I also couldn’t resist adding one of KATMs awesome labels to the sleeve cuff.

Other important details are that all the seams were flat felled and bias binding was used on the hems and facings

Great pattern. Remind me to use it again in September!

The last of the summer sewing

The season has turned, I’ve brought my winter coats back into the wardrobe. It’s almost too late to be blogging about summer sewing… but not quite!

This top is Burdastyle 06/2016 #129

Crepe Tunic 129 | 06/16
https://www.burdastyle.com/crepe-tunic-129-06-16.html

I’ve even used a similar colour to Burda.

Crepe Tunic 129 | 06/16

Mine is made from a floaty cotton voile that has been in my stash almost forever (9 years – I’ve patted it appreciatively and admired its colour and hand many times since it came to live with me). This fabric is designer deadstock – from Gay Naffine/Lucy Giles.

I made several adjustments to the pattern to get the fit better.

I traced off a size 46, petite-ed the bodice by 2 cm above the bust dart and made a 2 cm forward shoulder – which meant I also brought the tucks in the sleeve head forward. Are you supposed to do that?

The adjustments certainly worked for the shoulder fit, but the bust darts ended up a touch high.

The neck depth is good but it is quite wide though – if there is a next time I’ll consider bringing it in a bit.

I didn’t include the front slit but I did keep the idea of regular tacks down the front band by adding pearl buttons (shining in the bad side light of the image above)

I used a very light interfacing for the neck band and the front bands as well as to reinforce those square seams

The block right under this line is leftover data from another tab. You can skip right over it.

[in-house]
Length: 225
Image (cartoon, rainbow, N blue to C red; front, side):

A KATM tag on the side seam above the slit because I can.

I promise this is the last ‘touching my hair’ photo!

The skirt is an old favourite made in my new larger size – 46 waist and 48 hips – Burdastyle 07/2012 #134

Yes this is from the Russian Burda Site. I have no knowledge of the Russian language, but the site is more useful than the US based one. https://burdastyle.ru/vikroyki/yubki/yubka-burda-2012-7-134/

I love the quirkiness of the darts at the hem. I didn’t sew the darts to the outside as per the pattern for this version. There was already enough going on with the stripes.

This is a stretch cotton that’s been in my stash for even longer – 11 years. Bought in 2010. That’s deep stash. This fabric is also designer deadstock- from Gay Naffine.

The second summer top is Friday Pattern Company’s square neck top.

https://fridaypatterncompany.com/products/square-neck-top-pdf-pattern

It is the second version I made – the first one was an XXL as per my measurements but with the neckline raised by 2.5 cm. It was too big in almost every dimension except through my hips. It was made up in a beautiful blue shirting cotton but that wasn’t enough to save it. It has already been donated.

The second one was a XL bust out to XXL hips plus 2.5 cm removed in the bodice above the dart and through the sleeve and then the neck also raised by 2.5 cm.

It’s still not quite right – the cap sleeves pull when I move my arms forward. I doubt I’ll make another one unless I use a knit.

The fabric is lovely though – an embroidered linen cotton remnant from my local Spotlight. It is also from the stash, but it has only been marinating for 3 years.

Stash busting, three garments I can wear and two I love!

***EDITED to add how I do a petite adjustment to the bodice***

I’m very surprised to find that I couldn’t easily point Sandra to a youtube or blog post from someone else that explained how I do this. Either I haven’t looked well enough or what I do is different to what everyone else does. Or perhaps both.

This comes with several warnings:

  1. Writing tutorials is a skill that I don’t have – it’s highly likely that none of this will make sense.
  2. Drawing simple diagrams is also a skill I don’t have – it’s not going to be pleasing to the eye.
  3. This works for me but possibly works for no-one else on the earth – try on something unimportant, like a muslin/toile before you commit to this!